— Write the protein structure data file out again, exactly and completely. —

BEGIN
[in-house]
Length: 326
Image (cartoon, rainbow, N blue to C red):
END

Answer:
[in-house]
Length: 326
Image (cartoon, rainbow, N blue to C red):